Go digital. Punch cards too retro? Consider digital loyalty programs. These not only reward your customers, they help you by automatically keeping track of sales information and offering insight into spending patterns.
New mobile services are integrating loyalty programs with QR codes. Some companies provide customers with a personal QR code, tied to a credit card account, that they can scan to make payments at participating merchants, receiving credit dollars that can be applied to future purchases. With other services, QR codes are printed on receipts and can be scanned by consumers using a free app, enrolling them in loyalty programs. QR codes allow customers to interact with their rewards accounts and engage with your brand online, and they allow you to create customized rewards based on consumer preferences.
Support your community. Corporate-weary consumers are eager to patronize local businesses. Do your part by utilizing local vendors and products. You may want to institute a reciprocal program with a nearby business to use each other’s goods or services and to note the relationship in advertising, signage or marketing materials—letting customers know that their purchase supports not just your business, but the community at large.
Chefs especially are keen to buy locally; it shows that they use the freshest ingredients and are working to reduce their carbon footprints. For his pop-up eatery Le Comptoir, Los Angeles chef Gary Menes used produce and eggs from the Growing Experience, an outreach program for inner-city youth in nearby Long Beach, Calif. “It’s about getting more local, finding home farmers or urban farmers around your area,” he says.
Follow up with a call. A follow-up phone call after a service visit or major purchase will always be appreciated; it lets your customers know that they remain a priority even after the work is completed and the bill is paid. Thank them for their business, inquire if your work or product met with their satisfaction and ask if they have questions or if there’s anything else they need. Just think of the minute or two you spend on the phone as an investment in future sales.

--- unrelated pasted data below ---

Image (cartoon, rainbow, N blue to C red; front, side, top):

Send a note. Luxury retailers have been doing it for years: sending handwritten thank-you notes to regular clients. It’s an effort that makes customers feel special and will keep them coming back to you. A personal email may work, but a handwritten note has more impact.
Ask for your customers’ mailing address or email when you see them, add an email sign-up link to your website, or put out a bowl for business cards, offering some small prize in return. You might also ask customers to fill out a form with contact information, product preferences and date of birth.
Send a note after a significant purchase and on major holidays and birthdays. Just remember: Your customers have entrusted you with their personal information—don’t abuse the privilege. Keep your correspondence significant and to a minimum, and make it clear that you won’t resell names or data.